Meanwhile, the MMPA stipulates that “participants should not touch the eye, blow hole or genital regions of a dolphin or sea lion” and that a person should not be permitted in the programme “if a person is under the influence of drugs or alcohol or otherwise similarly impaired.”
Isaacs-Sawyer was consequently suspended for her misconduct and thereafter summarily dismissed. Prior to her dismissal, she was given an opportunity to plead her case before human resources personnel. However, she unsuccessfully requested a review board hearing where three of her peers or persons on her level could speak on her behalf.
She subsequently took the matter up before the Industrial Tribunal, whose vice-president ruled that her former employer did not conduct a reasonable investigation by not affording her the review she requested. As a result, the Industrial Tribunal found that Isaacs-Sawyer was wrongfully terminated and due to received $28,500 in damages.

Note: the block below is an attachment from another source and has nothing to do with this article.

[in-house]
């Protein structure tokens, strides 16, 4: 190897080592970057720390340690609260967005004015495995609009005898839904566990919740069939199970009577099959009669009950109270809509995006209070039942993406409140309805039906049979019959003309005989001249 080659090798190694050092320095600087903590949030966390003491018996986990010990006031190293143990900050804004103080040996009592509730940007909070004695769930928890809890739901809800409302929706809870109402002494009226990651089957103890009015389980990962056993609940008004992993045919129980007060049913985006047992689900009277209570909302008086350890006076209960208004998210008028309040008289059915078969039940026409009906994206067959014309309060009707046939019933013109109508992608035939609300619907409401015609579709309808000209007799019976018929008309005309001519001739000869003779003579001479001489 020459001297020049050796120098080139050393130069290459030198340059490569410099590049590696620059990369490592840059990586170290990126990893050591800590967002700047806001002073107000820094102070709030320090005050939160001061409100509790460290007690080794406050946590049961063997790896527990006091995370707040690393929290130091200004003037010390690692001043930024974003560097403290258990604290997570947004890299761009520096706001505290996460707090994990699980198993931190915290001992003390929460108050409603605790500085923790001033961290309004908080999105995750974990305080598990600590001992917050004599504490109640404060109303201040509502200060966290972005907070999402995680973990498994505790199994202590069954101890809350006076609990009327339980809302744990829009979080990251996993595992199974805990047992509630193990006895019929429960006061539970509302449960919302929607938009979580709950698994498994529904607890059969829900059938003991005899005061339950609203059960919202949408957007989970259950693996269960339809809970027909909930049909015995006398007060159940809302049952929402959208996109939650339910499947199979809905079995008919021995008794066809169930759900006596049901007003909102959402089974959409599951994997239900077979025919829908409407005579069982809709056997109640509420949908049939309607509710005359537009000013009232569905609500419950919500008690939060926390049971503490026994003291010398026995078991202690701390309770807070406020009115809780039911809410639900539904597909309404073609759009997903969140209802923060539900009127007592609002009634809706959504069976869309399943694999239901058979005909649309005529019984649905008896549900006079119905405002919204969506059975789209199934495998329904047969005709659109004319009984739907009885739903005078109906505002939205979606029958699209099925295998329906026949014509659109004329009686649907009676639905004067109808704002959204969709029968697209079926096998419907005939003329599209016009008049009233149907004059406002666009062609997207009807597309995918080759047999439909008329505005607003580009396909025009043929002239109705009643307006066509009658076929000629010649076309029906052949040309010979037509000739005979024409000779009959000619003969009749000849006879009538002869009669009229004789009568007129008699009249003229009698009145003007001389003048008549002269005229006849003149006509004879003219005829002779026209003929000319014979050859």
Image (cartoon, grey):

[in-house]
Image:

However, the appellate judges said the Industrial Tribunal’s ruling begged the question: “What is a reasonable investigation and was the holding of a review board essential to a reasonable investigation?”
Sir Hartman said the answer to that question lies within the employer’s ability to ascertain the true facts upon which it can make an “informed decision to ground or support an honest belief on reasonable grounds that the employee committed the act of misconduct.” That, he said, would “normally involve where it is considered necessary an account of the incident from as many eye witnesses or persons in the know as possible yet at the same time giving the employee an opportunity to be heard and respond to the gathered information and complaint.”
In the present case, Sir Hartman noted that no one who “could be expected to cooperate with an investigation and give reasonable information” about the event was left out of the investigation, save for Mr Armbrister, who he said was “probably under the threat of disciplinary proceedings and may not have been of much assistance or a willing witness” in any event.